There was a song called “Penny Lane”, you might be familiar with the Beatles song:

Penny Lane is in my ears and in my eyes/There beneath the blue suburban skies/I sit, and meanwhile back

The song is about the nostalgia of earlier years, in the hometown of the songwriters. South San Francisco is in my ears and in my eyes. I went to All Souls Catholic School. Anything beyond the radius of ten miles of my home was considered a long distance drive. I made friends with my neighbors. I made one friend asking, “Do you want to play Mercy?” Mercy is a game where you interlock fingers, and the winner is able to bend back the fingers of their opponent. The winner gets the opponent to say, “Mercy!” My neighbors and I walked up and down the same street every summer, talking about nothing and everything at the same time. If I had 75 cents I would buy donut holes at the corner shop near my school. If I had a dollar, I would buy a taco at the taco truck in Orange Park. At the park, there were tennis courts and basketball courts where we could fiercely compete against each other.

If we were really bored, my siblings, cousins, and I would bring cardboard up to Sign Hill. The hill reads, “South San Francisco, The Industrial City”. We would slide down the large letters on the hill. My house was right under the hill. My grandparents’ house was directly under the other side of the hill. My aunt’s house was around the corner of my grandparents’ house. If we couldn’t go outside, we took a mattress and slid down the staircase.

Think back to your Penny Lane!

Here I Am

As I child, I went to Roman Catholic mass. Every Saturday, my family and I would go together. Afterwards, we would eat in Burger King. If my siblings and I were really lucky, we would eat at our favorite Japanese restaurant.

At church, I learned songs. For instance,

I, who made the stars of night/I will make their darkness bright/Who will bear my light to them/Whom shall I send?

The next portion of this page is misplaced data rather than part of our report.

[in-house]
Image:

Here I am, Lord/Is it I, Lord/I have heard you calling in the night/I will go, Lord, if you lead me/I will hold your people in my heart (Schutte, 1981)

As a child, I am just happily singing. As an adult, I know what I am singing. God is asking, “Who am I going to send?” We are basically singing, “Send me! Here I am for you, Lord. I will love them, I will hold them in my heart.” I was just looking forward to going to Burger King back then.

I’ve been able to observe cognitive decline at work. It’s just like life. There will be good days. There will be beautiful days, but not everyday will be perfect. People aren’t perfect. There will also be bad days, and then there will be very bad days. Then one day, they will be gone.

You don’t know that your love can make people cry. Your power is in your love. Sing to them, sing with them – dance, laugh, smile. They can feel your love, even if they can’t show it. See past the exterior. It matters, it counts.

References

Schutte, D. (1981). Here I Am, Lord.

Always Something There to Remind Me

I walk along the city streets you used to walk along with me/ And every step I take reminds me of just how we used to be/Oh how can I forget you…when there is always something to remind me?

Music is a unique portal into our personal past, into the memories that are alive in us. What about when we are trying to forget what music brings back? Loss is already painful, whether it be leaving a partner, having a partner leave, death in the family, illness in the family, ailments in general, financial setbacks – name it.